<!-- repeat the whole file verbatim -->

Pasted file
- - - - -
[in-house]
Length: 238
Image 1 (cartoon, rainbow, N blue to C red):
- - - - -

[in-house]
Length: 238
Image 1 (cartoon, rainbow, N blue to C red):